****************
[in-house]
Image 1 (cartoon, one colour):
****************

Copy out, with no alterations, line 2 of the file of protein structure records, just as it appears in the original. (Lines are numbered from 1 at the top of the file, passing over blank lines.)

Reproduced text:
Image 1 (cartoon, one colour):